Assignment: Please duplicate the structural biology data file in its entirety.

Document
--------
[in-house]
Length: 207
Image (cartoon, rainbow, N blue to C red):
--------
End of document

[in-house]
Length: 207
Image (cartoon, rainbow, N blue to C red):